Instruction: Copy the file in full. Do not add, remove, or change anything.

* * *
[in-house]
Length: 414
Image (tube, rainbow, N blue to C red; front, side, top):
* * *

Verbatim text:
[in-house]
Length: 414
Image (tube, rainbow, N blue to C red; front, side, top):